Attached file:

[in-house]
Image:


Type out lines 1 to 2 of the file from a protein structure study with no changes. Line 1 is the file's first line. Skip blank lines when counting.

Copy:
[in-house]
Image: